This tutorial for How to Make a Stretchy Headband is perfect for those of us trying to keep the hair out of our little one’s faces or just for washing our face!
How to Make a Stretchy headband
We wear a lot of headbands around here.
My missy has a lot of hair and for whatever reason, her hair is the type that refuses to stay pulled back into her ponytail (prime example, lol.) Our solution to this issue is headbands! The bad news is we keep losing all our headbands, the good news is that they are super easy to make!
Our favorite type of headband is the kind made from stretchy fabric.
These little headbands are perfect for keeping your hair out of your face for sports, washing your face at night or to use at dinner time. (Please tell me we are not the only ones who finish dinner with as much food in our hair as is left on the plate, lol.)
Volleyball just started back up for us, so I decided I needed to replenish our supply of headbands. (A girl can never have too many headbands, lol!) The headbands only take a small amount of stretch knit fabric, so they are a great way to use up some of your scrap fabric. And they are so easy to make, you can whip up several in just a few minutes.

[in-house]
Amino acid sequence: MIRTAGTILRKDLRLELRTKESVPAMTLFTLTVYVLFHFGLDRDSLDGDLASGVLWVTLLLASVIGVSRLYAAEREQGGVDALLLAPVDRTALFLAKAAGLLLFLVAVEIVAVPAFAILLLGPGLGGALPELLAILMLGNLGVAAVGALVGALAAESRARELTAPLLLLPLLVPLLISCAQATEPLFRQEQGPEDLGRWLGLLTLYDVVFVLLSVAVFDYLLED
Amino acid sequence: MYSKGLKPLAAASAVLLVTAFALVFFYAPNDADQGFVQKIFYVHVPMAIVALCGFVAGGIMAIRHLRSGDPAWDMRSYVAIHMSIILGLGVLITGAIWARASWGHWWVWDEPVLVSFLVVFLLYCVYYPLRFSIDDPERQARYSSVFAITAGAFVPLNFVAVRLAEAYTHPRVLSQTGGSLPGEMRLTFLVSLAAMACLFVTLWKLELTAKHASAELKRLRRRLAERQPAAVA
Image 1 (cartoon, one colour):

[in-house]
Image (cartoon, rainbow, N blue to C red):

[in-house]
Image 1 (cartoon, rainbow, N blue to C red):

They look great with hair up or down!
How to Make a Headband:
Materials needed for this Headband Tutorial
- Scraps of stretchy knit fabric
- Ball point/jersey needle
- basic sewing supplies
Tips for sewing with knits:
- Use a ballpoint/stretch needle
- Sew seams with either a serger, stretch stitch, narrow zig zag or a straight stitch with a longer stitch length and a slightly loosened tension. (Make a couple of practice stitches on your fabric to see what works best.) I also like to use this “lightning bolt” stretch stitch on seams that need strength but a little give. (For today’s project I used a combination of straight stitch and zig zag stitch. I also made several with my serger – see how that looks here.)
- If you find your fabric keeps getting pulled inside the needle plate, place a small piece of tissue underneath the fabric so the feed dogs have something to grip. It also helps to move the needle all the way to the right, which forces your fabric over the feed dogs.
Ready to make a headband?
Head over to page 2 for the video tutorial and sewing instructions.